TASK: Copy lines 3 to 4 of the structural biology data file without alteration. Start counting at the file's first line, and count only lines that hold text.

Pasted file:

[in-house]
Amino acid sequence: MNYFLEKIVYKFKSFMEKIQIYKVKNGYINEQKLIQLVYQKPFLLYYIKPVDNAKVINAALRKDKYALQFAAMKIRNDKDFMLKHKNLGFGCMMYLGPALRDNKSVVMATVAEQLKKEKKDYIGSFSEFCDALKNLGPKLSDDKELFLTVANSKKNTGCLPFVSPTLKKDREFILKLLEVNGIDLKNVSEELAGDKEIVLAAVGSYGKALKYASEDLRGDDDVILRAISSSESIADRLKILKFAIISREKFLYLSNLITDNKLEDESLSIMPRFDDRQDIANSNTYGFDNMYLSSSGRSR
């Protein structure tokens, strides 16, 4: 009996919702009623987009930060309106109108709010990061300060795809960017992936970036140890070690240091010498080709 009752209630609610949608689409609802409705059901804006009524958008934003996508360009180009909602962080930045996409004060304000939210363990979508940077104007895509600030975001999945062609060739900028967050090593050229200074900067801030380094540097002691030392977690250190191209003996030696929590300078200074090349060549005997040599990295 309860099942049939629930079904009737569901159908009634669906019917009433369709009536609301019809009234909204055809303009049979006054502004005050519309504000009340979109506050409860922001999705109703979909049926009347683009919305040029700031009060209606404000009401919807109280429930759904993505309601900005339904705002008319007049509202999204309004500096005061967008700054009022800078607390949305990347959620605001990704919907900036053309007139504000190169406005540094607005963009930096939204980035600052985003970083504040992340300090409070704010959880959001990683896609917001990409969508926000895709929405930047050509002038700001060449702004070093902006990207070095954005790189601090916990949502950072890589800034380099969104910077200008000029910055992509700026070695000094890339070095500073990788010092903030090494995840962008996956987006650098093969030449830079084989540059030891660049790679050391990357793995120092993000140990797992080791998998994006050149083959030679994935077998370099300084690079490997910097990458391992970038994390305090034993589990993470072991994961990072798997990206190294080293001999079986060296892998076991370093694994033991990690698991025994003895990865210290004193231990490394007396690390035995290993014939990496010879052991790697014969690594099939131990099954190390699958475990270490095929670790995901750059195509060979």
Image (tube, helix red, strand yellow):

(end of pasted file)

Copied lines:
């Protein structure tokens, strides 16, 4: 009996919702009623987009930060309106109108709010990061300060795809960017992936970036140890070690240091010498080709 009752209630609610949608689409609802409705059901804006009524958008934003996508360009180009909602962080930045996409004060304000939210363990979508940077104007895509600030975001999945062609060739900028967050090593050229200074900067801030380094540097002691030392977690250190191209003996030696929590300078200074090349060549005997040599990295 309860099942049939629930079904009737569901159908009634669906019917009433369709009536609301019809009234909204055809303009049979006054502004005050519309504000009340979109506050409860922001999705109703979909049926009347683009919305040029700031009060209606404000009401919807109280429930759904993505309601900005339904705002008319007049509202999204309004500096005061967008700054009022800078607390949305990347959620605001990704919907900036053309007139504000190169406005540094607005963009930096939204980035600052985003970083504040992340300090409070704010959880959001990683896609917001990409969508926000895709929405930047050509002038700001060449702004070093902006990207070095954005790189601090916990949502950072890589800034380099969104910077200008000029910055992509700026070695000094890339070095500073990788010092903030090494995840962008996956987006650098093969030449830079084989540059030891660049790679050391990357793995120092993000140990797992080791998998994006050149083959030679994935077998370099300084690079490997910097990458391992970038994390305090034993589990993470072991994961990072798997990206190294080293001999079986060296892998076991370093694994033991990690698991025994003895990865210290004193231990490394007396690390035995290993014939990496010879052991790697014969690594099939131990099954190390699958475990270490095929670790995901750059195509060979």
Image (tube, helix red, strand yellow):